Program: Oral and Poster Abstracts
Session: 653. Myeloma: Therapy, excluding Transplantation: Immunotherapy
Introduction: Daratumumab is a first-in-class monoclonal antibody targeting the plasma cell antigen, CD38, that demonstrated significant activity in combination with bortezomib and dexamethasone (DVd) compared with bortezomib and dexamethasone alone (Vd) in a pre-specified interim analysis of CASTOR, a randomized phase 3 study of relapsed or refractory multiple myeloma (RRMM; Palumbo A. N Engl J Med 2016; in press). In this abstract, we report on subgroup analyses according to the number of prior lines of therapy received, and include outcomes based on cytogenetic status, in order to identify the patient population who derived the most benefit from the DVd combination.
Methods: Eligible patients (pts) received at least 1 prior line of therapy and were randomized (1:1) to 8 cycles (q3w) of Vd with or without daratumumab (16 mg/kg IV qw in Cycles 1-3, Day 1 of Cycles 4-8, then q4w until progression). For each cycle, bortezomib 1.3 mg/m2 SC was administered on Days 1, 4, 8, and 11, and dexamethasone 20 mg PO was given on Days 1, 2, 4, 5, 8, 9, 11, 12. Progression-free survival (PFS) was the primary endpoint. Numbers of prior lines of therapy were determined by the site investigator according to the IMWG consensus guidelines. High-risk cytogenetic status based on local laboratory assessments was defined as having at least one of the following abnormalities via karyotyping or fluorescence in-situ hybridization: del17p, t(4;14), or t(14;16). Minimal residual disease (MRD) was evaluated on bone marrow aspirate samples that had been prepared with Ficoll using three different thresholds (10-4, 10-5, and 10-6) based on the ClonoSEQ assay (Adaptive Biotechnologies, Seattle, WA, USA).
Results: Median follow-up was 7.4 months. In the 1 to 3 prior lines (1-3 PL) subgroup (DVd, n=229; Vd, n=219), PFS was significantly longer with DVd vs Vd (median: not reached [NR] vs 7.3 mo; HR, 0.39; 95% CI, 0.28-0.55; P<0.0001); estimated 12-month PFS rates were 62.2% vs 29.3%, respectively. Median time to progression (TTP) among 1-3 PL pts was NR vs 7.4 months, respectively (HR, 0.29; 95% CI, 0.20-0.43; P<0.0001). Overall response rate (ORR) was significantly higher with DVd vs Vd (84% vs 67%; P<0.0001) and was associated with higher rates of very good partial response (VGPR) or better (62% vs 32%; P<0.0001). Among 1-3 PL pts with standard-risk cytogenetic status, PFS was significantly prolonged in DVd vs Vd (HR, 0.38; 95% CI, 0.25-0.58; P<0.0001), and estimated 12-month PFS rates were 58.7% vs 27.0%, respectively. PFS was also significantly longer in pts with high-risk cytogenetics who received DVd vs Vd (HR, 0.46; 95% CI, 0.22-0.97; P=0.0367; Figure), with estimated 12-month PFS rates of 63.2% vs 26.7%, respectively. Lastly, the rate of MRD-negative patients was significantly higher (4 fold or greater) at all evaluated thresholds (10-4, 10-5, and 10-6) among the 1-3 PL subgroup.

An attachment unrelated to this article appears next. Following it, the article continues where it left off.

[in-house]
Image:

In the 1 prior line (1 PL) subgroup (DVd, n=122; Vd, n=113), PFS was also significantly improved for DVd vs Vd (median: NR vs 7.5 mo; HR, 0.31; 95% CI, 0.18-0.52; P<0.0001); estimated 12-month PFS rates were 77.5% vs 29.4%, respectively. Median TTP among 1 PL pts was NR vs 8.4 months, respectively (HR, 0.28; 95% CI, 0.16-0.49; P<0.0001). ORR in pts with 1 PL was significantly higher for DVd vs Vd (89% vs 74%; P=0.0029), including higher rates of VGPR or better being observed for DVd vs Vd (71% vs 42%; P<0.0001).
Updated efficacy and safety data, including analyses of MRD status across different sensitivity thresholds (10-4, 10-5, and 10-6), will be presented at the meeting.
Conclusions: The treatment benefit of DVd vs Vd was maintained across 1-3 PL and 1 PL pts. Responses for DVd were deep and durable and correlated with significantly improved outcomes vs Vd. Despite small group sizes, treatment benefit of DVd vs Vd was also observed in high-risk cytogenetic pts receiving 1-3 PL. These data continue to support the addition of daratumumab to a standard-of-care regimen in RRMM.
Figure: Progression-free Survival in High-risk Patients (Defined by Cytogenetic Abnormalities) who Received 1 to 3 Prior Lines of Therapy
Disclosures: Mateos: Janssen, Celgene, Amgen, Takeda, BMS: Honoraria. Estell: Janssen: Membership on an entity's Board of Directors or advisory committees. Corradini: Celgene, Janssen, Novartis, Roche, Takeda, Sanofi, Servier, Gilead: Honoraria; Takeda: Consultancy. Medvedova: Oregon Health and Science University: Employment. Qi: Janssen: Employment. Schecter: Janssen: Employment, Equity Ownership. Amin: Janssen: Employment. Qin: Janssen: Employment. Deraedt: Janssen: Employment; Johnson & Johnson: Equity Ownership. Casneuf: Johnson & Johnson: Equity Ownership; Janssen R&D, Beerse, Belgium: Employment. Chiu: Janssen: Employment. Sasser: Janssen: Employment; Johnson & Johnson: Equity Ownership. Nooka: Amgen, Novartis, Spectrum: Consultancy.
See more of: Myeloma: Therapy, excluding Transplantation
See more of: Oral and Poster Abstracts